Posted by: 15specialneeds | May 25, 2011

Back in the Saddle…

Hi Dear Ones,

Well it has been an eternity, and that lovely saying, often quoted to me by my mum, (probably when I was a horrible teenager) ‘don’t say anything, unless you have something nice to say’ applies to ‘don’t write anything unless you have something nice to write’.  Which is why my blogs about Luke have been none existent for the months of November to March. As I mentioned in a previous blog, life was pretty horrible when we moved and needed to place Luke in our new school district. I found myself being one of those parents who I read about on special needs news groups, who moan and groan at the lack of care and services their children receive from the school districts. We had been in a happy place at our previous district, so I really did not see what all the fuss was about, and put it down to parents having too many expectations. Well, that last laugh was on me, as I walked into the class room where Luke was supposed to go, and found that his teacher was wheelchair bound. It seemed like some cruel irony. There were seven children, Luke was number 8 and there were two aides.  How was this going to work for my little guy who can fall down, by just standing?  I had started to cry before I even left the room! I was all consumed and couldn’t face writing about him or anything.

Then on that first visit, I was told the class was going to be moving to another site, and that all the children from this class would move to the afternoon class. How was this going to work when Luke napped from one to three in the afternoon?  This was all going to happen after Christmas. Fortunately for me, the other parents practically started a riot.  I don’t know why I was so special, but I had the Director of Special Education, visit Luke and myself. So all this crazy stuff happened before Christmas, but I was told he would be in the morning class, he could go 5 mornings, there was a new teacher, and about 7 children – thank goodness. I had my lovely family from Perth arriving for Christmas, and all I could think about was Luke and school.

So, we turn up on January 3rd and there are 10 children, but at 10.30am  the ‘afternoon’ children come in taking the number to about 15 children, and the teacher who is wheelchair bound running the class. There was complete utter chaos in the room. Holy ….! Now the fun was going to start. I decided that I could not let Luke go everyday – that was impossible, and keeping him there 3 hours, not good, so I took him for 2 hours. The look on that boys face when I left him, I would either cry in the car, or feel sick. So why did we do it? Well, this is where it all goes a bit crazy when you have a special needs child. The children get out of early intervention at three years old, and the school districts then provide the funding for the services they require. But they have no money, so the developmentally based services your child gets stop, and services focus on ‘learning’.  But the schools have no money. Then started that emails, and the meetings and discussions. Also, you need to be compliant with the school district and let them get to know your child, so that you have adequate grounds later for suing them for private school placement. What are the alternatives? Well, very few it seems. I went to look at two private programs, one all the way in San Jose, and the other in Redwood Shores. I had Luke evaluated at the program in Redwood Shores. It is called Associated Learning and Language Specialists. In the meantime, the District felt they should try to transfer us back to Redwood City School District, then it took them 2 weeks to say ‘no’ they were full.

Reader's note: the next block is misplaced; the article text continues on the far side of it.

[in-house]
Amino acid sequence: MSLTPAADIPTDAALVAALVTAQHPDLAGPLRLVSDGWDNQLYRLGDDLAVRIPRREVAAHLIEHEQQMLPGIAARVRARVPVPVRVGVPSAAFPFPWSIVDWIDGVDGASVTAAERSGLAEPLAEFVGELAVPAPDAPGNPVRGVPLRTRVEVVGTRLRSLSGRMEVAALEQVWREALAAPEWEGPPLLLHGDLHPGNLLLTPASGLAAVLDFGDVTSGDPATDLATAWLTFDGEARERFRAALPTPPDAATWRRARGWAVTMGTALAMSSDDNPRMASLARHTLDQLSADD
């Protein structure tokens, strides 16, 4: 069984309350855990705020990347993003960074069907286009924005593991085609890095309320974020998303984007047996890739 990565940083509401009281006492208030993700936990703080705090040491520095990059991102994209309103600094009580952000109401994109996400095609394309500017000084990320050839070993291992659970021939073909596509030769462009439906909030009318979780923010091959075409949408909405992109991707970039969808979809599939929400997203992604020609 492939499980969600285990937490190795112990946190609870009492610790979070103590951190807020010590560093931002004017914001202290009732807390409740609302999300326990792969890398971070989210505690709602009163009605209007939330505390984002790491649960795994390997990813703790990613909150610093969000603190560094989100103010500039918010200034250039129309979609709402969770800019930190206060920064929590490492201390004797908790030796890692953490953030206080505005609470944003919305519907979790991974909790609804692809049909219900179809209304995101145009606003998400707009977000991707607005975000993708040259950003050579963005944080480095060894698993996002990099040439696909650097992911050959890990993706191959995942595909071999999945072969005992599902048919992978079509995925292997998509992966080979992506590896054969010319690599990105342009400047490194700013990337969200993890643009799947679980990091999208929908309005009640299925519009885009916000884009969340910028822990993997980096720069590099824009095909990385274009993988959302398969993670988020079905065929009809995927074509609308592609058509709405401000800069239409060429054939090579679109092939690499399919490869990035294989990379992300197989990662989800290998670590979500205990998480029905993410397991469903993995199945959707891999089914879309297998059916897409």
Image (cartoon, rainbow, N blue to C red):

While this was going on we felt it would be an excellent time for us to have Luke independently evaluated thoroughly by a clinical psychologist, (we are just waiting for her report). So that we could have a clear and precise record of the best way for Luke could learn. It was then going to be hard to get her in the class to observe for one reason or another. ALLS came back and said they would take Luke! Simon and I were not at odds, but perhaps on a different page on how we moved  ahead. Do we just move him and fund ourselves, or sue the district? Oddly  enough we made the decision one night in early March. Simon was in Korea, and it was late at night here and it was not one of those conversations where some one is moving or in a hurry.  I was telling him some other miserable story about school and he said, ‘**&^%$$, let’s move him right now”! It was the happiest sentence I have ever heard!

So on March 21st, he started his new program and he is so happy there. He is in the ‘Jellyfish’ room, with 5 other children and 3 teachers and a support aide. I walk away feeling HAPPY. Is it perfect for the small fortune was are paying, not quite, but by comparison to the school district, my happiness and confidence that he is in the right place, it is worth it. In all honesty, my classroom expectations are not over the top. As long as he is safe, happy and with qualified people who love what they do, learning is a bonus.

So, during this time, I was wondering if I was having a nervous breakdown. I kept wondering what one actually felt like and if I would know I was  having one. The Oxford Dictionary describes one as ‘a period of mental illness resulting from severe depression or anxiety’.  I honestly thought of seeing the doctor to get anti-depressants , but couldn’t find the time or the motivation, and did consider that it was perhaps time to have some serious therapy myself (just to add to the therapy bills).  But I will leave this conversation for another day! I hope you excuse the fact that some of the future blogs I write may not focus on Luke – but some of my rambling observations on life and things that happen in this wonderful household and life!

We are in a good place.

Rachel xx

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